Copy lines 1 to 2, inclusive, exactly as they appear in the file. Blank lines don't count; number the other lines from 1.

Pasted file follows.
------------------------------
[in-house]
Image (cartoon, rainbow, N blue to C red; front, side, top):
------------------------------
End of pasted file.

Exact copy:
[in-house]
Image (cartoon, rainbow, N blue to C red; front, side, top):